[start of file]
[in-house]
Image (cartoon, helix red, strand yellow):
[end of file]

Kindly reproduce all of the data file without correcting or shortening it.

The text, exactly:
[in-house]
Image (cartoon, helix red, strand yellow):